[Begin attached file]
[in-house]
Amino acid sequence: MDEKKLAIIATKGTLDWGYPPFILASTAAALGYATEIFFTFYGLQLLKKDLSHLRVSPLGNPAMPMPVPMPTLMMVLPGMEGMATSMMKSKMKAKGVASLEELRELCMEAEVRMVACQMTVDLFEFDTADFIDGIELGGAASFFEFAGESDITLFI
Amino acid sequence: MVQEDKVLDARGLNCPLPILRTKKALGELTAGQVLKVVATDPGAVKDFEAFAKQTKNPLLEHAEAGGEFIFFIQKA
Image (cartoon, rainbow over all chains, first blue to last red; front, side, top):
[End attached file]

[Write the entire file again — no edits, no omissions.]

[in-house]
Amino acid sequence: MDEKKLAIIATKGTLDWGYPPFILASTAAALGYATEIFFTFYGLQLLKKDLSHLRVSPLGNPAMPMPVPMPTLMMVLPGMEGMATSMMKSKMKAKGVASLEELRELCMEAEVRMVACQMTVDLFEFDTADFIDGIELGGAASFFEFAGESDITLFI
Amino acid sequence: MVQEDKVLDARGLNCPLPILRTKKALGELTAGQVLKVVATDPGAVKDFEAFAKQTKNPLLEHAEAGGEFIFFIQKA
Image (cartoon, rainbow over all chains, first blue to last red; front, side, top):